Jenny herself values independence and finds it difficult to tolerate Mary’s clingy, whiny and irritable behaviour. She has always needed a reasonable degree of personal freedom within which to explore her own interests. Currently, she has chosen to put a satisfying career on hold until Mary goes to school, but misses the stimulation of her work and colleagues. She has felt a bit miserable for some time but has not disclosed this to others as she feels she should be happy in this maternal role. For a period after Mary was born, Jenny wondered whether she’d made a mistake in having another baby and felt quite low, struggling to make a strong, positive connection with her daughter. Jenny’s parental leave has resulted in increased financial stress for the family. Jenny’s partner, Greg, is busy developing his career and works long hours. Consequently, Jenny has limited physical and emotional support from him. These financial and time pressures mean that Jenny doesn’t have many resources for time out or recreation for herself. Without an opportunity to take care of herself with rest and pleasurable activities, she may have become worn out and resentful of Mary’s demands. She may also be at risk for developing mood or anxiety problems.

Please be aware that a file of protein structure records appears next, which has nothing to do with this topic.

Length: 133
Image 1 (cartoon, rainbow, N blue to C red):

There is an interaction between Mary’s temperament, Jenny’s temperament, and the circumstances they find themselves in. Mary requires a high level of calm, patient and firm parenting in order to learn to manage her own volatile nature. These demands are draining Jenny’s diminishing resources, and the situation is worsening as Jenny’s negative emotions are activated. Jenny has come to feel constantly on edge – anticipating difficulties with Mary. She perceives Mary’s behaviour as having malicious intent and being a personal threat. This means she reacts strongly to even small incidents and may inadvertently increase Mary’s distress. It feels as though Mary sometimes does things deliberately to upset her. The stress generated by the difficulties between Jenny and Mary are also taking their toll on the rest of the family.